It was about 10 at night late in the summer – the final session of camp. We had just sung to all the campers who were pretending to be asleep and gathered around the flagpole in a circle of people who were so completely mismatched but had shared one experience. And we sang. It felt like a moment that should have a sappy song in the background of it as it showed the ending of a Disney movie, but we enjoyed our moment together. Many, many choruses of ‘Leaving on a Jet Plane’ kept us amused as our boss tried to shush us so the
campers could sleep. We sang. We laughed. Campers listened in on our moment together. It was the end of something.
I tell you that story for a few reasons. One is that it was a moment that I loved, and another is that I think it shows the power of a shared experience.
There were a few people at that camp that I spent more time with than others. One was the Angry Frenchman, who was shorter than me and yet could pick me up, put me over his shoulder and carry me. Another was a super tall Jamacian who taught campers the ‘Aussie! Aussie! Aussie!’ chant in his accent and made me giggle. Another was an American with the coolest last name ever who I went to a concert with at night and then spent the next morning eating bacon and watching movies.
Our backgrounds and ages were all totally different, and yet we all shared that one experience of summer and there are moments I look back on a laugh every time. There are moments where we all laughed together and other nights when we were sad or angry and sat silently, wondering how we were going to go back to the cabin of campers.
I think church should be like this. I think youth group should be like this. In Acts, the gathering was huge at Pentecost, and I doubt that they all had the exact same life experience. I think they all came from different places, different stages, different beliefs, and they all shared this one moment that bound them together. At church we have this huge blessing of people who have lived long lives and learnt lessons that the rest of us have no comprehension of yet, there are those who have spent their life feeling close to God and that intimacy is something we can observe and learn from, there are those with heartbreaking stories through which God has shown grace. And so many more people walk through the doors of those buildings we call ‘churches’ every Sunday and yet, they are kept separate from each other.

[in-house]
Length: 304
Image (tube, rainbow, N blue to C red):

At 6pm on a Sunday, I want to be in a room with my brothers and sisters in Christ, sharing an encounter with the God who dragged us all together in spite of our differences because he has a purpose for the diversity. All people are his people. And if we spoke our creeds as enthusiastically as Rudi did ‘Aussie! Aussie! Aussie!’, that would be amazing – but that’s a whole other entry for you.